In 2 Kings 16:14-15 we read that King Ahaz replaced the bronze altar of the Lord:
The bronze altar, which was before the Lord, he brought from the front of the house, from between his altar and the house of the Lord, and he put it on the north side of his altar. Then King Ahaz commanded Urijah the priest, saying, “Upon the great altar (my altar!) burn the morning burnt offering and the evening meal offering and the king’s burnt offering and his meal offering, with the burnt offering of all the people of the land and their meal offering and their drink offerings; and sprinkle on it all the blood of the burnt offering and all the blood of the sacrifice. But the bronze altar shall be for me to inquire by.”
King Ahaz did not remove the bronze altar "which was before the Lord" he simply set it aside for one of his own making and then gave the command to offer the sacrifice on "the great altar". "I know God commanded the priest to sacrifice on this altar", but why would I want to offer a sacrfice on this small insignificant altar when the one I built is so much better! Surely God will be pleased with the new and improved version!
One cannot help but remember the words of the prophet Samuel, "to obey is better than sacrifice"
We find the same departure from God's Word in I Samuel 13:1-13.
He waited seven days, the time appointed by Samuel. But Samuel did not come to Gilgal, and the people were scattering from him. So Saul said, “Bring the burnt offering here to me, and the peace offerings.” And he offered the burnt offering. As soon as he had finished offering the burnt offering, behold, Samuel came. And Saul went out to meet him and greet him. Samuel said, “What have you done?” And Saul said, “When I saw that the people were scattering from me, and that you did not come within the days appointed, and that the Philistines had mustered at Michmash, I said, ‘Now the Philistines will come down against me at Gilgal, and I have not sought the favor of the Lord.’ So I forced myself, and offered the burnt offering.” And Samuel said to Saul, You have done foolishly. You have not kept the command of the Lord your God, with which he commanded you. For then the Lord would have established your kingdom over Israel forever. But now your kingdom shall not continue.I Samuel 13:1-13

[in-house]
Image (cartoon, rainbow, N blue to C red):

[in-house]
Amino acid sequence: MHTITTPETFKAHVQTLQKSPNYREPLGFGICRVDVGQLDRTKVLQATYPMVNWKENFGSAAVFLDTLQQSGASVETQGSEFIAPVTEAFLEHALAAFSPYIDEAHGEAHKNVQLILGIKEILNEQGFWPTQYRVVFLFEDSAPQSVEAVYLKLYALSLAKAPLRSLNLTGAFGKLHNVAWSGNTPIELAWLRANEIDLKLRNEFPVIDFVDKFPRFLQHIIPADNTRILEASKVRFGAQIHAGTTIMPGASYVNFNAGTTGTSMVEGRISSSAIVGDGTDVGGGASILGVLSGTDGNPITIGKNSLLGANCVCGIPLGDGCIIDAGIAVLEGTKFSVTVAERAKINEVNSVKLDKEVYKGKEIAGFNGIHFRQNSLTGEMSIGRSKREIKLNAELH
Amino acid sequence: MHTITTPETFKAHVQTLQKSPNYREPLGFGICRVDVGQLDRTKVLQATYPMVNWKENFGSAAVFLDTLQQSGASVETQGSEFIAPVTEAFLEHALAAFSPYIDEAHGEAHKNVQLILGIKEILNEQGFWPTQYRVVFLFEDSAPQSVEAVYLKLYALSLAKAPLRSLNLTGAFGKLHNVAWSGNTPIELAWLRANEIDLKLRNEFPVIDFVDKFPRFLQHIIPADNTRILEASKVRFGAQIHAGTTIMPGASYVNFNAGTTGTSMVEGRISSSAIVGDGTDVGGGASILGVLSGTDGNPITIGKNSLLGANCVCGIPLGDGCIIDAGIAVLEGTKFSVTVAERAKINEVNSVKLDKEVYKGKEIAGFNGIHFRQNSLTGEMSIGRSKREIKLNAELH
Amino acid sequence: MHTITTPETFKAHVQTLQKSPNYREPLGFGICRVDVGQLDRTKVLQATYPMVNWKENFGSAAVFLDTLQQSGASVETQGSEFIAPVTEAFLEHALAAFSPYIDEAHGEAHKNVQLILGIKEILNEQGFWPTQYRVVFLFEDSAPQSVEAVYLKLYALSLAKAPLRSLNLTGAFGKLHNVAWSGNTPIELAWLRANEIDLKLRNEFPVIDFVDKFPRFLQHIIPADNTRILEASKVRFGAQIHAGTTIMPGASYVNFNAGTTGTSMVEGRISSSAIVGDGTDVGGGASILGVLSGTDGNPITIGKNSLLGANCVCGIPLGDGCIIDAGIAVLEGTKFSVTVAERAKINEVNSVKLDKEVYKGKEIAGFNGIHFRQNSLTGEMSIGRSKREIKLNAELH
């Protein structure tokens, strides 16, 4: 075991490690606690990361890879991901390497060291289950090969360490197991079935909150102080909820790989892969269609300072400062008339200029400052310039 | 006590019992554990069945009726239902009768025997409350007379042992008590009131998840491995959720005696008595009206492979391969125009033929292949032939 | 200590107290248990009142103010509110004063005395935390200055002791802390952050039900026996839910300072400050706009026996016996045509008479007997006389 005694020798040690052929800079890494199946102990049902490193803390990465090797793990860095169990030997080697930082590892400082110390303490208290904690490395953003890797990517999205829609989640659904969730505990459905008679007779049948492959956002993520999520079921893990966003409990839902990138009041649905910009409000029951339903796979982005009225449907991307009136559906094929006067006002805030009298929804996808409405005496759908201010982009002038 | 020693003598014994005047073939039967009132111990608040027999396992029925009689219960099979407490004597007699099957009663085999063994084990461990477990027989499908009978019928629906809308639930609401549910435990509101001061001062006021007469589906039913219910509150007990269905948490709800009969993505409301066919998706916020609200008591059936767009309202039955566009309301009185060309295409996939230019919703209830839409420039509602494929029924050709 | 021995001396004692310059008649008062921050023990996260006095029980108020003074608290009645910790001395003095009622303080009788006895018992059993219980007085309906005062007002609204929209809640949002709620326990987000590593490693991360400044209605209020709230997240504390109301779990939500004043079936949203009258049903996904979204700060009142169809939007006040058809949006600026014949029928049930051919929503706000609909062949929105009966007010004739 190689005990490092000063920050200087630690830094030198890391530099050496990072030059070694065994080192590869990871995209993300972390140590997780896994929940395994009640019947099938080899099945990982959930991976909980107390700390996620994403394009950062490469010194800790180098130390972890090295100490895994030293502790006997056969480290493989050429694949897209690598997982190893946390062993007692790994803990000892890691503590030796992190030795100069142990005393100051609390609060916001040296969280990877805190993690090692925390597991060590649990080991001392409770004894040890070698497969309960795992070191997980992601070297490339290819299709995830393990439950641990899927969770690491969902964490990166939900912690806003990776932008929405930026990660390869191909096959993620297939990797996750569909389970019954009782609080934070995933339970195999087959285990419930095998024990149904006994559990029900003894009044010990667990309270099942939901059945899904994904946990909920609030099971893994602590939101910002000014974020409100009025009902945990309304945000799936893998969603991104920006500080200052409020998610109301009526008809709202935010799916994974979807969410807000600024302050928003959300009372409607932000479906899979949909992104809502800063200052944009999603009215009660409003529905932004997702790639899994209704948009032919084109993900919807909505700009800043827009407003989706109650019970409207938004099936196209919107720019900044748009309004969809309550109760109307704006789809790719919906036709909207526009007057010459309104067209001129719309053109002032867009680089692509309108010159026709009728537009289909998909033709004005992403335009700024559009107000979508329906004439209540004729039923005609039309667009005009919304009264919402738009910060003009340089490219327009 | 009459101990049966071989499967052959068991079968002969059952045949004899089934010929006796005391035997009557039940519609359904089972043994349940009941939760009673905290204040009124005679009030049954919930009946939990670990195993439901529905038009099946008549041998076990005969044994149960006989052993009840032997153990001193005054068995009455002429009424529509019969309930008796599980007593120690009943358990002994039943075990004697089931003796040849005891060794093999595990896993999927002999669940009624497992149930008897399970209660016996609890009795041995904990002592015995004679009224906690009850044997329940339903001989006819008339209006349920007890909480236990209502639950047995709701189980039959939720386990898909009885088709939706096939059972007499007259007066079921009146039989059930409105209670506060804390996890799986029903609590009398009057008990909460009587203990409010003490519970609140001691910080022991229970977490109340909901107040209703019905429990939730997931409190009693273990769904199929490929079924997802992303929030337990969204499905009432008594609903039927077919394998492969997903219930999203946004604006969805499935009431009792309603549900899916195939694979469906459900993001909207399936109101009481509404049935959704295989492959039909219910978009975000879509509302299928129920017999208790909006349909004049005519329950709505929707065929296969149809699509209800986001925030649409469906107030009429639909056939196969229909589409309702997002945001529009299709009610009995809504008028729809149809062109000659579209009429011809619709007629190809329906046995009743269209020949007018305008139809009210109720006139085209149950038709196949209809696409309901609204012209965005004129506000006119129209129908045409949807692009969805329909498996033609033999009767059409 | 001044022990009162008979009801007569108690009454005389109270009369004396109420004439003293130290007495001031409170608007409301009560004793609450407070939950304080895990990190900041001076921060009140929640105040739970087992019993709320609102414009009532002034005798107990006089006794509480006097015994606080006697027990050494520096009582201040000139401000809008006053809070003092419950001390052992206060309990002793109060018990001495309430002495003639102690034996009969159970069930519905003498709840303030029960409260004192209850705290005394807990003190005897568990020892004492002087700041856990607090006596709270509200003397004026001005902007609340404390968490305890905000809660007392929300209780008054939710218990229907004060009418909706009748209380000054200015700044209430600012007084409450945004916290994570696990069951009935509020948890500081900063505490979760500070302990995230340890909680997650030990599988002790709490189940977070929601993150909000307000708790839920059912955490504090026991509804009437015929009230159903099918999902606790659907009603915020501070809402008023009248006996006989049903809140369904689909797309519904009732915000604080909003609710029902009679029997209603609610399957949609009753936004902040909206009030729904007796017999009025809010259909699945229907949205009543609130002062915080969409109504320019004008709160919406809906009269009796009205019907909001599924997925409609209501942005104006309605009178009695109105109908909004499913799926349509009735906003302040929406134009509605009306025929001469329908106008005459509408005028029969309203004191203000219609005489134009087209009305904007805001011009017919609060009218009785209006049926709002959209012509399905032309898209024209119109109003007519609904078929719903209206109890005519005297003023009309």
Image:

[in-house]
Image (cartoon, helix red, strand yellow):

Saul offered the sacrifice. As we read this there is a feeling of disappointment, we want Saul to wait for Samuel but he just can't seem to wait and so he makes the offering and it is no coincidence that Samuel shows up, "As soon as he had finished offering the burnt offering". What are we to understand froom this? That God had appointed not only a particular sacrifice but the means of that sacrifice and further that God did not accept Saul's sacrifice as we see in verse 14, "But now your kingdom shall not continue".
Beloved, God is worthy of our worship and He is due our worship according to His will, not ours.
"I do not come into this pulpit hoping that perhaps somebody will
of his own free will return to Christ. My hope lies in another quarter.
I hope that my Master will lay hold of some of them and say, "You
are mine, and you shall be mine. I claim you for myself." My hope
arises from the freeness of grace, and not from the freedom of the
-Charles Hadden Spurgeon